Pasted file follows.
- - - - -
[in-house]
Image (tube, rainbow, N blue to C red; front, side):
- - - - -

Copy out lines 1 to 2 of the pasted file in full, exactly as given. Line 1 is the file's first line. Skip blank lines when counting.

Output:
[in-house]
Image (tube, rainbow, N blue to C red; front, side):